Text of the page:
Personal Drone Detection System
June 19, 2014

Personal Drone Detection System Launched On Kickstarter

Peter Suciu for - Your Universe Online

Drones continue to be an effective tool at getting straight to the enemy. On Wednesday a U.S. drone strike killed five militants in Pakistan's North Wariristan tribal region, and the Wall Street Journal reported that this was the first drone strike in the country since Pakistan launched a full-scale military operation against militants earlier this week.

However, there has been a growing debate on whether drones should be used in America either for surveillance or commercial purposes. The debate intensified last month when a small drone – a DJI Phantom 2 Quadcopter equipped with an HD camera – reportedly slammed into the Metropolitan Square building in St. Louis. The drone was found on a 30th floor balcony and so far the police and Federal Aviation Administration (FAA) officials are uncertain as to who might have been flying the craft.

While drones have legitimate uses in filmmaking and even farming, there has been growing concern that commercially available drones – which can range in price from $500 to $1,500 – could be used for surveillance and violate privacy. Personal drones are also not currently regulated by the FAA, and only a few municipalities have any laws forbidding the use of drones.

This week APlus Mobile, Inc. of Portland, Oregon launched a Kickstarter campaign that looks to provide some anti-aircraft security for those who fear drones. The Personal Drone Detection System won't actually shoot down a drone, but instead is designed to block the signals sent from a drone's camera and surveillance systems. The basic system consists of three boxes including a "Primary Command and Control Module" and two "Detection Sensor Nodes."

These three units can be used to create a mesh grid network that can triangulate moving transmitters. The C&C Module provides a user interface via Wi-Fi that can connect through a tablet, smartphone or PC, and if it detects a drone the user will receive a notification. The module runs on APlus Mobile's MotherBone PiOne open source software platform.

"There are legitimate uses for domestic drones, but there are still concerns about privacy and surveillance by various entities," Amy Ciesielka, the founder of Oregon-based Domestic Drone Countermeasure, told The Verge.

The developers also noted that the module and nodes utilize a mesh grid network that only communicates within itself, and while the Primary Command and Control Module can communicate with a user's personal Wi-Fi network, it acts as an isolated device. Neither this module nor the nodes will extend a user's personal Wi-Fi network and it will not be susceptible to outside hacking or other infiltration via the grid.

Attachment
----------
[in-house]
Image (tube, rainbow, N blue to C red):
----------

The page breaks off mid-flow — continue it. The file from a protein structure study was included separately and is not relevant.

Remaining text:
The grid can also be enhanced and enlarged with additional Detection Sensor Nodes, which can be placed up to 200 feet away.

Ciesielka and APlus Mobile have been working on the Personal Drone Detection System for more than a year and are using the crowd-funding site to raise funds to develop a production model that would be commercially available. The Kickstarter campaign will run through July 15, and the goal is to reach $8,500. At press time the campaign had nine backers and raised more than $220.

While most people probably won't ever need to fear drones, the fact that there is such technology does mean that there is likely a place for counter-measures and the Personal Drone Detection System looks to fit the bill.

"With the number of drones in the air, folks are getting bit concerned about what these things can see," Rob Enderle, principal analyst at the Enderle Group, told redOrbit. "Clearly they can fly near and see through windows, into yards, and into confidential areas in companies and hospitals, (which) are particularly sensitive about cameras due to privacy laws."

It could be argued that drones are the new "black helicopters" among conspiracy theorists, but as the saying goes, "Just because you are paranoid doesn't mean someone isn't out to get you." The technology could also appeal to anyone who truly fears for their privacy.

"When there are concerns, real or not, there is an opportunity to sell protection and for some believe they can sense a drone nearby," added Enderle. "Let's say if they were growing marijuana or are a celebrity. It would give piece of mind although unless you can disable the drone immediately I doubt this provides much real protection. But if you can detect, given these are wireless, it likely won't be long until you can aggressively disable these flying devices and it could literally be raining drones near areas where celebrities are having events after that point."